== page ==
misaligned too much, the student will not visit my class.
The student visited my class.

Therefore my syllabus and the student's
educational objectives are not misaligned too much.

Good job!

My bet is that Swing will be a part of the JDK and JRE
for a long time. Yes, beginners expect to see windows.
With a current JDK what are the GUI alternatives?
Are you comfortable with teaching all of the alternatives?
So far it seems harder to pop up a dialog in JavaFX than Swing.
But then I don't yet have much experience with JavaFX.
If the adult students are learning to program for their
own enjoyment, then teach what you are most comfortable with.
They will explore the alternatives on their own once they
get over the hump. If it is vocational training then teach
what they are required to know.
 
A

Arne Vajhøj

Many Java classes and Java books teach Java foundations and
then Java OOP to finally be able to show how Swing can be
used to create programs that look like beginners expect
programs to look like, i.e., they do not write some text to
an old-fashioned text console, but run as a GUI windows.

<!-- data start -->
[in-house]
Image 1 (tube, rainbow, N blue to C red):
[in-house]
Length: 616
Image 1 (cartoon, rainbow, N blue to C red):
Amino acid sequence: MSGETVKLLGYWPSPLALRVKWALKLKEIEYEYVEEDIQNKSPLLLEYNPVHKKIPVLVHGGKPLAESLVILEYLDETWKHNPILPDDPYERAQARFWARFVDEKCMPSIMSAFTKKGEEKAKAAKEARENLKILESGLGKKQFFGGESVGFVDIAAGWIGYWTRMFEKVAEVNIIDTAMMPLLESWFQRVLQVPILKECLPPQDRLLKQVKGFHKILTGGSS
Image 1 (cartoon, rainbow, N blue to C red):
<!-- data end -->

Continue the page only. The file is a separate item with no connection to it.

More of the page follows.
But then, I hear everywhere: »Java on the Desktop is dead.«.
Now I asked myself: Is it wrong to teach how to write Java
desktop applications in a class (using Swing)? After all,
you do not want to waste the time of the students by
teaching them something that is »dead«?

Java on the desktop has not died - it never lived.

:)

But I don't think it matters.

You students need to learn OOP and Java programming.

Creating desktop Java applications is fine for that.

JSF web apps, JAX-RS web services with non-Java frontend,
Spring MVC web apps, GWT etc. may be more common than
Java desktop apps, but I think they are less suited to learn
OOP and Java.

And Java desktop skills are not wasted:
* such apps do get written - maybe not as state of the art
commercial applications but still a lot of utility apps - and
even though maybe 90% of Java developers work in the Java EE
world, then my guess is that 95% of Java developers know how to
write a Java desktop app
* it is easier to learn writing desktop application sin another
language after having learned about it in Java - all the stuff
about event thread etc. also exist in other technologies

Arne
 
A

Arne Vajhøj

Just to toss in my own two nickels, I don't believe that applets are
inherently more dangerous than Adobe Flash or JavaScript. The major